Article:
Groups of marine volunteers help shape the village

MARINE – Being a village with a population of around 900 people has its challenges.

For Mayor Kelly Tracy, the Marine community is not one of those obstacles, but rather a blessing.

Last week when snow blanketed the area, Tracy was contacted by people in the community to help with the snow removal. One such instance that touched Tracy deeply was a group of children who shoveled the driveways of Marine veterans.

“Children are led by example,” Tracy said. “They just know how it is and they don’t know any other way. It’s a good thing for our young people to look to the older generation and know that we just have to help.

Not only is Tracy the mayor of Marine, but she’s also a member of the board of directors that helped start a parks association volunteer group called A Little Rae of Sunshine. The group was named after village board member and trustee Rae Lynne Meter, who died of cancer two years ago and was instrumental in Marine to improve the parks.

“It’s nice to have a new park association with new volunteers and new people who want to help out,” Tracy said.

Marine volunteers are not limited to their groups. The different groups help each other when needed.

“Everyone helping each other is huge,” Tracy said. “So far we have been able to get back to it.”

The Marine Lions Club, which makes returns every year, also assists both the Marine Historical Society and the Gravius ​​Memorial Library. The Lions Club and the Historical Society have joined forces to raise funds to build and maintain a Marine Veterans Memorial. Along with the library, the Lions Club organizes various breakfasts and dinners to support the library.

The library is a special place in town, especially for children. The library is volunteer-based and has a program to provide children with games, books and prizes based on the number of books read per year.

The biggest volunteer project each year is the Balloons over Marine festival. The group is run by a four-person committee, with Dawn Dykes serving as the committee leader.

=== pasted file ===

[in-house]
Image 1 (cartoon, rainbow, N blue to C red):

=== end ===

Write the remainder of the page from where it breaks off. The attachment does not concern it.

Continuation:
“We want people to come and have a good time,” Dykes said.

The event is entering its eighth year, usually takes place over two days at the end of September and features four hot air balloons. Planning for the event begins in December and is fueled by donations and volunteers, with the event being free and open to the public.

The Balloons over Marine committee enlists other local organizations to help with set up and take down, including the Navy Fire Department, Masonic Lodge, Boy Scouts to help clean up trash, and various members of the families who volunteer.

“It’s all about the money,” Dykes said, “and we’re trying to bring it back to where everyone helps each other. That’s been one of our goals.

Given that the planning takes more than half the year, it’s a lot of work for the committee, which has two members over 60, but the passion for the community continues to drive the event.

“Some days at the end of the event we ask why we are doing it and then a little girl or an elderly couple tell us they love the event and we see they are smiling. It keeps us going,” Dykes said.

In the past, with leftover money donated, the committee has invested that money in the community in a variety of ways, including helping the fire department and victims of human trafficking in the area.

“It’s amazing that we’re not exactly a necessarily money-rich village, but a village rich in volunteers and people who want to help each other,” Tracy said, “and that’s more important. That says a lot about the people here. We don’t need things because the volunteers feel the need to help.

For more information, visit the Balloons over Marine website and A Little Rae of Sunshine Facebook page.

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